What was it like to be a prisoner of the notorious Spanish Inquisition? Well, I got a unique insight in 2019 when I visited what had been a Spanish Inquisition prison in the Sicilian capital of Palermo.
You might ask – what was the Spanish Inquisition doing in the Sicilian capital, Palermo? Isn’t that part of Italy?
And the answer is that Sicily was ruled by Spain from the 15th to the 18th century. With Spanish rule came the Spanish Inquisition and that meant imprisonment, torture and burning at the stake for those who didn’t accept the authority of the Roman Catholic church.
Spanish Inquisition gets to work in Sicily
In Palermo, people suspected of being ‘heretics’ – in opposition to Catholic teaching – were arrested and taken to a very severe looking building. They were crammed into dark cells from which they only emerged to be beaten and cruelly tortured.
But what is astonishing is that during their dreadful captivity, the prisoners used a mixture of dirt from the floor and their urine to paint religious art on the walls.
This art was lost for centuries and only fully rediscovered in the last twenty years. Some of it seems to be a plea for mercy while other drawings are clearly intended to tell the Inquisition to sling its hook. There’s even one depiction of an inquisitor riding a donkey which is defecating.
I was genuinely affected by my visit to this Spanish Inquisition prison. It still holds the ability to terrify, though you have to use a bit of imagination to visualise it at the height of its operation. But frankly, anybody with a modicum of historical knowledge should be able to do that.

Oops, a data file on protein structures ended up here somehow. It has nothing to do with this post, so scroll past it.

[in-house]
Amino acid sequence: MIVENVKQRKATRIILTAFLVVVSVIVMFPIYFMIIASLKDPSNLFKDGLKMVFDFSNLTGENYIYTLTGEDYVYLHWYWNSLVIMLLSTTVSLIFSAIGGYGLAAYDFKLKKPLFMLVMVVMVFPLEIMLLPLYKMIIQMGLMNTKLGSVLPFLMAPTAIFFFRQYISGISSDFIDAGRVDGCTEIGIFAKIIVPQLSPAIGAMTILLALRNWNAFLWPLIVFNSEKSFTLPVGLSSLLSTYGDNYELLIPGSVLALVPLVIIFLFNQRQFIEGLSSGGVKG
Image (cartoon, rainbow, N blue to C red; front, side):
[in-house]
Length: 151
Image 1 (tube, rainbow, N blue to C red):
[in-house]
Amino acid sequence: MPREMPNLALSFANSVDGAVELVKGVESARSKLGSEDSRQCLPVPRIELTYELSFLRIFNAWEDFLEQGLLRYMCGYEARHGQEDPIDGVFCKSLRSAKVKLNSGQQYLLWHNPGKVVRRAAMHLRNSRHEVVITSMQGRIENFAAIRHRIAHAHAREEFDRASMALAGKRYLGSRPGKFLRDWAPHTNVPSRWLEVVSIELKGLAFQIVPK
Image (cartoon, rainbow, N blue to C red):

A visit is definitely recommended and – yes – you could take youngsters too. I suspect they’ll love it!
I’ve watched some terrible historical dramas on TV of late – awful scripting, casting and plotting. So, discovering the Spanish TV six part drama La Peste(The Plague) has given me hope for the genre!
La Peste transports you back in time!
Set in 16th century Spain, the action takes place in the city of Seville. Though now resolutely Catholic, the city still reveals traces of its previous Moorish, Muslim rulers. Casting a shadow over the lives of its inhabitants is the Inquisition. Otherwise known as the Holy Office, this arm of the Catholic church sets out to identify Protestants and to eliminate them.
Our hero, Mateo, has fallen foul of the heretic hunters but is given a chance to save his life if he can find out who is behind a series of grisly killings in Seville. He is accompanied in his investigations by the illegitimate son of a dead friend he swore to protect. But this street urchin, Valerio, has grown up in the truly ghastly slums of Seville and is a ruthless, emotionally stunted individual.
Spain at the time it was colonising the world
What I loved about La Peste was the way it conveyed the filth and degradation of Seville at a time when the Spanish empire encompassed much of Latin America, Europe and even had a foothold in Asia – the Philippines. The wealth of empire trickled upwards leaving most Spaniards living in bestial conditions.
La Peste uses CGI intelligently and effectively. We see some familiar landmarks that still exist today in Seville but set among shanty towns, shabby markets and tiny dwellings. The last episode ends with an auto-da-fe – a public burning of heretics. I’ll admit it was one of the most unpleasant scenes I’ve seen on TV for a long time but, very much in keeping with the atmosphere of the series.
I recommend! The YouTube video below shows the making of the last episode of La Peste – spoiler alert and some of you may find the scenes of the Inquisition punishing heretics upsetting.